A few months ago, Palomino came out with a new line of Blackwing pencils, the Volumes series. They’ll release a new Blackwing design each quarter, accompanied with a story about what inspired the edition. Most recently, they released the Palomino Blackwing 211, designed with the noted environmentalist and key figure in the founding of Yosemite National Park, John Muir, in mind. With the release of that pencil, the previous edition, the Blackwing 725, has be discontinued. While it’s sold out at most places, we still have a few packs in stock, and so I wanted to do a quick review before they were all gone!
The first release of the Palomino Volumes series, the Blackwing 725, was inspired by rock n’ roll history. From the insert that’s included with each pack:
The Newport Folk Festival is a place for people who crave innovation but appreciate tradition. It has served as the setting for groundbreaking performances by artists like Johnny Cash and Howlin’ Walk, and it helped launch the careers of iconic artists such as Joan Baez and Bob Dylan. Perhaps its most memorable moment came in 1965 when Dylan to the center stage with the Paul Butterfield Blues Band and played a controversial electric set that included the first known performance of “Like a Rolling Stone”.
The Blackwing 725 pays tribute to Newport as it celebrates the 50th anniversary of the 1965 festival and its impact on music and culture. The pencil’s unique lacquer is inspired by the sunbirst finish on the Fender Stratocaster that fueled what Rolling Stone Magazine called one of the “50 Moments that CHanged Rock n’ Roll.” The 25th day of the 7th month marks the date of Dylan’s memorable set. It also marks the date of the Saturday night showcase at the 2015 festival, featuring a new generation of insurgent artists including Sturgill Simpson, Jason Isbell and Nikki Lane.
Like the rest of their Blackwing line, the Volume edition is a pack of a dozen high quality pencils – the main differences, besides a few-dollar premium, are the designs, backstories, and limited edition collectible aspect. The graphite cores are one of the three options in the Blackwing, Blackwing 602, and Blackwing Pearl editions. If you’re into great looking pencils that perform well, possible conversation starters, or limited edition anything, then these may be of interest to you.
The packaging of the Blackwing 725 is an experience of its own. Each pack come with a letterpressed slip cover featuring information about the edition and full-color copy of the included pencil. It’s a very clean design and is likely the nicest presentation of any pencil of this price range.
Once you remove the slip cover, you’ll notice a dark-gray clean, soft-touch, matte two-part case, with the Blackwing logo in black. Even without the slipcover, the packaging is very classy. Upon opening the case, you’ll find a gold colored grid with hex-core pencil intersect patter on the interior lid and body. Placed on top of the pencils is a translucent gray paper, printed with the story of the edition.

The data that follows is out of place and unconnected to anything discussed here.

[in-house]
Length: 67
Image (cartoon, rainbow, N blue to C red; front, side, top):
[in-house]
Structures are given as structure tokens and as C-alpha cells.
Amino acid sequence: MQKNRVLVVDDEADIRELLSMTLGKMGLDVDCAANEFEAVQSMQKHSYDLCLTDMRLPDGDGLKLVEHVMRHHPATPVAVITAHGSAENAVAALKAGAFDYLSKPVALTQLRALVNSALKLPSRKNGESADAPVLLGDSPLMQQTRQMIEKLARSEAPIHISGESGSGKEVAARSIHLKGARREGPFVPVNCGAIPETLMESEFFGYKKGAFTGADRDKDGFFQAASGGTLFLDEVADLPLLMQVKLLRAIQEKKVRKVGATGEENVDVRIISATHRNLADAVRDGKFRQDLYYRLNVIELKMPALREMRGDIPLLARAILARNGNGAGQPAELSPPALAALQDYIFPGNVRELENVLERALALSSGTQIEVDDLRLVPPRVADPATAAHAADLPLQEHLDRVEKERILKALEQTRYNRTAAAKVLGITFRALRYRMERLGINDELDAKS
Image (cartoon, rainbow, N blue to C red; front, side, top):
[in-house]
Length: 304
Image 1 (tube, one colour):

The packaging for this edition is extremely high quality, and it’s just one of the many aspects we’ve come to expect and appreciate from the Blackwing line of pencils.
As I’ve had previous experience with the Palomino Blackwing line, I expected some high quality pencils, but I didn’t anticipate getting as excited as I did to check these out. Normally, I prefer matte just about everything, but I really can’t complain about the looks of these high-gloss pencils. Palomino really did well in matching the sunburst style of Dylan’s guitar on these pencils. From the vibrant yellow at the point to the dark black near the ferrule, these pencils just look fantastic. The ferrule is the same gold-color of the rest of the Blackwing line and the eraser is the standard black that can be found on the Pearl and 602 varieties.
While I do love the design, when it comes to what I would have liked to see for these pencils is a some of the original grain of the wood show through the colors (which would have also eliminated the thin band from the white base-coat that appears when sharpening these beauties,) and a chrome ferrule instead of the gold. I think that those changes would have fit very well with the sunburst Fender Stratocaster design; however, that’s just my two-cents (and depending on whom you ask, it’s probably not really worth those two pennies, anyway.) That being said, I really can’t complain about these pencils. Sure, I think there are some alternatives that would have ALSO looks great, but these are still beautiful pencils.
The Blackwing 725 is said to have ‘balanced graphite,’ which means that it’s the same graphite core used in the Palomino Pearl pencils. Personally, I prefer the cores of 602 pencils (which is what’s used their latest release, the Blackwing 211,) but all three Blackwing core options provide exceptional writing experiences. You’ll get a nice dark line, smooth feel, and great point retention. These aren’t your grandpa’s No. 2 pencils.
Overall, this is a fantastic edition and I’m sad to hear it’s discontinued – though that’s in line with what we were told about the Volumes series of pencils, so I can’t be surprised. The pencil is presented beautifully, looks fantastic, and provides not only a great writing experience, but just feels cool to have on your desk.
The Palomino Blackwing 725 is available now in extremely limited quantities (we won’t be able to restock once they’re gone.) $24.95/pk, available here.
What’s do you feel is the most influential moment in rock-and-roll history?